The seats are very comfortable all-round, lumbar adjustments and all, with only one thing missing in our test-car (that totalled £67,450 with all its options): cooling in hot weather…although the temperature during the test week never rose above five degrees.
All the controls felt top quality, with very smooth actions and pleasantly tactile.
Night-time driving was never compromised by limited visibility.
Almost £10,000 in optional extras provides so much in extra ‘packages’ that it’s challenging to discover the car’s total abilities in just one week; immediately appreciated, however, were such features as the 12-inch screen and intuitive controls, although delving into the minutiae requires, as ever, a feel for current technology and how to use it.
Anyone who buys a Touring version does so because the family needs plenty of carrying ability.
Although not quite the most massive in the premium sector, the car’s boot can still get a large amount in, with plenty of versatility: the boot floor includes a rail system able to be shortened or lengthened; hangers; lashing eyes; and underfloor sections. The rear seats can fold 40/20/40 and there are heater controls and a USB point for passengers in the back.
The rear window, apart from the whole tailgate, can be opened, in order to load in smaller stuff.
The Touring version has self-levelling suspension.
I found the info controls more intuitive than some.
Technology is huge: one feature, my favourite, that drivers who make regular journeys will appreciate, combines the satnav with BMW’s ‘Panoramic View’: let’s say that there are a few points along the route that can be a bit difficult, for example, a T-junction with poor side views. You can enter these ‘Activation Points’ into your satnav route. The car’s cameras will automatically display a better (a few feet further forward than you) view for any oncoming traffic.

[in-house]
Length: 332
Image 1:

The Park Assist Plus package is as sophisticated as any, including identifying spaces at the roadside that can accommodate the length and turning ability of the car. Also, although not available on the particular key fob, the test car came with remote parking. You can leave the car and direct it within specific parameters, into a tight space such as a narrow garage.
It’s true that there are BMW competitors, and even some less ‘premium’ cars, that have many of these features, but this 530d bottom line still contains the word ‘GREAT’!
Tom Scanlan has written for a wide variety of magazines and newspapers, particularly the Reading Evening Post for ten years, having got into motoring journalism in 1973 via the somewhat unlikely back door of the British Forces Broadcasting Service. BFBS produced a weekly radio motoring show for the services overseas and Tom produced it, as well as interviewing experts and eventually reporting on cars.
He is into classic cars and has owned Porsche, Ferrari, pre-war Alvis and Rileys and currently owns his fifth old Alfa Romeo, a 1984 GTV 2.0.
In his spare time, Tom is a professional cricket coach.